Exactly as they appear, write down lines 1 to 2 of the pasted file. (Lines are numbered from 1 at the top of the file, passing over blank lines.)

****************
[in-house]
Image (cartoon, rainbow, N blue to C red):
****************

[in-house]
Image (cartoon, rainbow, N blue to C red):